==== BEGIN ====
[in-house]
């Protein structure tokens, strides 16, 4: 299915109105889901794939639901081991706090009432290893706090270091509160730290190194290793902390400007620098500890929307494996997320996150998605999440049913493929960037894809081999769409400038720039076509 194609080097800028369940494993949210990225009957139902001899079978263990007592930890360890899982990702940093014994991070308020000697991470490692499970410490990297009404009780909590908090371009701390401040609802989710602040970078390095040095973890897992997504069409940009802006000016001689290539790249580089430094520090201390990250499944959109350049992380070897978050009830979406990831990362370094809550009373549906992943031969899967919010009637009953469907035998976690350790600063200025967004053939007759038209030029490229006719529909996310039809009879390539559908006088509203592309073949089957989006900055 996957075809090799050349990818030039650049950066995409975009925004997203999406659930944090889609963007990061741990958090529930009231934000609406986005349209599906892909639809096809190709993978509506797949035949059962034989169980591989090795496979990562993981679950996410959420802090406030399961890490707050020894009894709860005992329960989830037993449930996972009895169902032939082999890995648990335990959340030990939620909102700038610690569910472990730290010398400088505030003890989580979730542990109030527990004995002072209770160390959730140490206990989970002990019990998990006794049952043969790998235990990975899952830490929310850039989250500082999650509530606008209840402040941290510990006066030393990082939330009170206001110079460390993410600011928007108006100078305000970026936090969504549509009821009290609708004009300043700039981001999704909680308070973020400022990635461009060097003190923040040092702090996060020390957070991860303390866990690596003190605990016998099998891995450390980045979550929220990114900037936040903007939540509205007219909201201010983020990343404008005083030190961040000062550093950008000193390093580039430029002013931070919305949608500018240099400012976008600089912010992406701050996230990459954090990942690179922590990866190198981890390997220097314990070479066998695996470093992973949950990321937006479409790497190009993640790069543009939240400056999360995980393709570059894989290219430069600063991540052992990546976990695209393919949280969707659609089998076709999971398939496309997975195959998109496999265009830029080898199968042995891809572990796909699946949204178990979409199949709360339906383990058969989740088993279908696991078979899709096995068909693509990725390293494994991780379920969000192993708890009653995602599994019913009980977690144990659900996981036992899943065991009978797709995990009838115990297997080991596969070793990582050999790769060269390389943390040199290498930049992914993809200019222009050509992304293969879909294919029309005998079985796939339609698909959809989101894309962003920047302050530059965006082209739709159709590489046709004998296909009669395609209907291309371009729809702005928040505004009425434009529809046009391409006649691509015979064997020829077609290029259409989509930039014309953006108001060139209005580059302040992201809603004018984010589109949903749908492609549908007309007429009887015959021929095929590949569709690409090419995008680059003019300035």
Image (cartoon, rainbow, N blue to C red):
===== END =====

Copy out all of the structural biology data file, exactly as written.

[in-house]
């Protein structure tokens, strides 16, 4: 299915109105889901794939639901081991706090009432290893706090270091509160730290190194290793902390400007620098500890929307494996997320996150998605999440049913493929960037894809081999769409400038720039076509 194609080097800028369940494993949210990225009957139902001899079978263990007592930890360890899982990702940093014994991070308020000697991470490692499970410490990297009404009780909590908090371009701390401040609802989710602040970078390095040095973890897992997504069409940009802006000016001689290539790249580089430094520090201390990250499944959109350049992380070897978050009830979406990831990362370094809550009373549906992943031969899967919010009637009953469907035998976690350790600063200025967004053939007759038209030029490229006719529909996310039809009879390539559908006088509203592309073949089957989006900055 996957075809090799050349990818030039650049950066995409975009925004997203999406659930944090889609963007990061741990958090529930009231934000609406986005349209599906892909639809096809190709993978509506797949035949059962034989169980591989090795496979990562993981679950996410959420802090406030399961890490707050020894009894709860005992329960989830037993449930996972009895169902032939082999890995648990335990959340030990939620909102700038610690569910472990730290010398400088505030003890989580979730542990109030527990004995002072209770160390959730140490206990989970002990019990998990006794049952043969790998235990990975899952830490929310850039989250500082999650509530606008209840402040941290510990006066030393990082939330009170206001110079460390993410600011928007108006100078305000970026936090969504549509009821009290609708004009300043700039981001999704909680308070973020400022990635461009060097003190923040040092702090996060020390957070991860303390866990690596003190605990016998099998891995450390980045979550929220990114900037936040903007939540509205007219909201201010983020990343404008005083030190961040000062550093950008000193390093580039430029002013931070919305949608500018240099400012976008600089912010992406701050996230990459954090990942690179922590990866190198981890390997220097314990070479066998695996470093992973949950990321937006479409790497190009993640790069543009939240400056999360995980393709570059894989290219430069600063991540052992990546976990695209393919949280969707659609089998076709999971398939496309997975195959998109496999265009830029080898199968042995891809572990796909699946949204178990979409199949709360339906383990058969989740088993279908696991078979899709096995068909693509990725390293494994991780379920969000192993708890009653995602599994019913009980977690144990659900996981036992899943065991009978797709995990009838115990297997080991596969070793990582050999790769060269390389943390040199290498930049992914993809200019222009050509992304293969879909294919029309005998079985796939339609698909959809989101894309962003920047302050530059965006082209739709159709590489046709004998296909009669395609209907291309371009729809702005928040505004009425434009529809046009391409006649691509015979064997020829077609290029259409989509930039014309953006108001060139209005580059302040992201809603004018984010589109949903749908492609549908007309007429009887015959021929095929590949569709690409090419995008680059003019300035």
Image (cartoon, rainbow, N blue to C red):